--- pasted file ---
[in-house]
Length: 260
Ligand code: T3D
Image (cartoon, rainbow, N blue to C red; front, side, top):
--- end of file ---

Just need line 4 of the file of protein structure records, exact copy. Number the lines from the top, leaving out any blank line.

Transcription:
Image (cartoon, rainbow, N blue to C red; front, side, top):